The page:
Thunderchild First Nation man passes away from COVID-19
- Jeanelle Mandes | April 08, 2020
A man from the Thunderchild First Nation recently passed away from Covid-19 in Seattle, Washington. He was 61.
“He was a self-less, caring and hardworking man,” said Janine Abraham, who is the eldest daughter of Thunderchild.
Although they lived far apart, she said her father always kept in contact with his family through phone calls and video chats.
“It was a lot of phone calls and Facetiming every other day,” said Abraham. “He would always make sure that he called us.”
Thunderchild was married to a woman in Seattle named Jerrilyn Hamley, who also contracted Covid-19. Hamley had to say her final goodbyes to the man she spent the last 25 years together through a phone call. He passed away on the evening of April 4, 2020. When Abraham heard the news of her father’s passing, her heart was shattered.
“The hardest thing was [knowing that] no one was allowed there at the hospital,” she said. “He was alone in the hospital.”
When Thunderchild’s friends in Seattle heard of his passing, they gathered and stood outside of his place with signs to show support and express their condolences to his loving wife as she stared out through her bedroom window.
“It was heartbreaking to hear that she couldn’t even get a hug by family or friends [because] she’s in isolation,” said Abraham.
Thunderchild is remembered as one of the main pillars in his family. Not only through the eyes of his wife and children but his family back home.
Harvey Thunderchild said his brother was a helpful guy and a good-natured man who always had the right words to say to everyone. Growing up, he was a sports enthusiast who loved hockey and baseball. He will be remembered as a great powwow Emcee and someone who never shied away to assist in ceremonies. But mainly, he will be remembered for the love he had for his family.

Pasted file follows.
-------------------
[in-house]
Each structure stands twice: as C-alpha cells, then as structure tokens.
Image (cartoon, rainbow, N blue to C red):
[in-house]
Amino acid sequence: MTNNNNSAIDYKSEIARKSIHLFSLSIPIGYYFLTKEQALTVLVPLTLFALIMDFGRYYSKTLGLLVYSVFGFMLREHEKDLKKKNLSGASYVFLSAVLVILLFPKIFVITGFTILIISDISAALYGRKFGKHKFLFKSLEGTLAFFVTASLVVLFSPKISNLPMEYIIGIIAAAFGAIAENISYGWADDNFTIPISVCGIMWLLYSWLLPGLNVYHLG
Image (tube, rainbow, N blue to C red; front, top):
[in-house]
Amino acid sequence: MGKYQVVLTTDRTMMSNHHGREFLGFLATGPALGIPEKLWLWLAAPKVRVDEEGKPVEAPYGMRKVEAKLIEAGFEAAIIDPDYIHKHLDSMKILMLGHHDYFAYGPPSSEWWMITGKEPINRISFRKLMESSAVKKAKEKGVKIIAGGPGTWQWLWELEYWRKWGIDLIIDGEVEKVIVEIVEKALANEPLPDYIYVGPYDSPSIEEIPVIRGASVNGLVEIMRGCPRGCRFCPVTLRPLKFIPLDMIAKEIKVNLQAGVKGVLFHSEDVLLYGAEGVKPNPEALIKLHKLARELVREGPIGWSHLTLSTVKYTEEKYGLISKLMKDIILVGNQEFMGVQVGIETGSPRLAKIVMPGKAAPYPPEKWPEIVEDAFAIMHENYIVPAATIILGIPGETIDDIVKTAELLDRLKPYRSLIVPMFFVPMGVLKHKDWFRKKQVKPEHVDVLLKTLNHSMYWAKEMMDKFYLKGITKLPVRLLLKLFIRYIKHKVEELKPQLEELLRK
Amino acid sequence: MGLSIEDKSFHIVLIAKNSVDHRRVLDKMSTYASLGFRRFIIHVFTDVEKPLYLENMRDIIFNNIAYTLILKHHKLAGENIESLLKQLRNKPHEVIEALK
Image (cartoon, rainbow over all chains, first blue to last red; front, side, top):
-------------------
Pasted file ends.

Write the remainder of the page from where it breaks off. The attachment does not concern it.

“Thunderchilds’ are a close-knit family. No matter how far apart we live, we’ve always made that connection as a family,” said Thunderchild. “My brother Wayne always flew my mother to the west coast to go visit him every year. His grandchildren were everything to him too.”
In the eyes of his brother and daughter, Thunderchild was mainly known as a survivor. He had different sicknesses including cancer but had always fought through. When the family first learned he was diagnosed with Covid-19, they had hopes that he would beat it. His passing took everyone by surprise.
“You wouldn’t think [Covid-19] would hit home but it has,” he said. “That’s the hardest part…we weren’t able to be there for him, talk to him or see him. That’s what hurts the most. He was alone.”
The family will cherish the words of their beloved pillar who strongly encouraged everyone to take precaution to the coronavirus even prior to being diagnosed with Covid-19.
“His message was strong. He always said ‘don’t risk it. If you don’t have to be out then don’t’,” said Abraham about her father. “He always thought of the frontline workers. He appreciated the sacrifices they are making for other families.”
A memorial service was held at Thunderchild’s mother’s place in the First Nation community where the family honoured and followed the rules of limiting attendees who wished to pay their respects. Once travel bans are lifted, Abraham and her sisters plan on travelling to Washington to bring half of their father’s ashes home to Thunderchild First Nation where they plan to have a proper burial.
Thunderchild left behind three daughters, numerous grandchildren, his wife, his mother, and eleven siblings amongst numerous friends who will all remember him for the man he truly was and the impact he left in their hearts.